The issue is known (see QTBUG-49420 and QTBUG-51390) but these bug reports are closed and it seems there will be no fix on a short term.

So here is how you build qsqlodbc.dll from source for Windows 64-bit with Visual Studio 2015, based on the instructions “How to Build the ODBC Plugin on Windows”.

First get the source package from and unzip it in any location, for example C:\qt-everywhere-opensource-src-5.6.0.

Now open a “VS2015 x64 native tools command prompt”, CD to the location of the qt-everywhere-opensource-src-5.6.0 directory then:

cd qtbase\src\plugins\sqldrivers\odbc

At the end you’ll find the qsqlodbc.dll in C:\qt-everywhere-opensource-src-5.6.0\qtbase\plugins\sqldrivers alogside with qsqlodbcd.dll and qsqlodbcd.pdb.

Just copy these three files to the location where the Qt 5.6 installer for Windows should have put them
C:\Qt\Qt5.6.0\5.6\msvc2015_64\plugins\sqldrivers\ and you’ll be done !

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“api-ms-win-crt-runtime-l1-1-0.dll is missing” error with LIBPFonOPC on Windows Server 2012 R2 64 bit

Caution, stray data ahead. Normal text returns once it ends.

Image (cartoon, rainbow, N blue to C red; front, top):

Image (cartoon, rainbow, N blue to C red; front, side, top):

You may receive the error “The program can’t start because api-ms-win-crt-runtime-l1-1-0.dll is missing” when launching the LIBPFonOPC configurator 1.0. 2264 on a fresh install of Windows Server 2012 R2 64 bit.

01Related symptom: this error silently appears in the Setup Log of the Event viewer during the installation of LIBPFonOPC:
Windows update could not be installed because of error 2149842967 "" (Command line: ""C:\Windows\SysNative\wusa.exe" "C:\ProgramData\Package Cache\3ACBF3890FC9C8A6F3D2155ECF106028E5F55164\packages\Patch\x64\Windows8.1-KB2999226-x64.msu" /quiet /norestart")


Here is a hint to the solution: “Excel can’t start because api-ms-win-crt-runtime-l1-1-0.dll is missing”.

So it turns out that the Visual C++ Redistributable for Visual Studio 2015 silently fails to install on a fresh install of Windows Server 2012 R2 64 bit … So just update the OS and reinstall the Visual C++ Redistributable for Visual Studio 2015 update 1 from here:

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HOWTO make verbosity level accessible for users

LIBPF’s  4 diagnostic levels allow the model developer to fine-tune the verbosity at a global, compilation, unit, function and class instance level. Of these, two (verbosityGlobal and verbosityInstance) are also available at run-time, but normally not for the model user.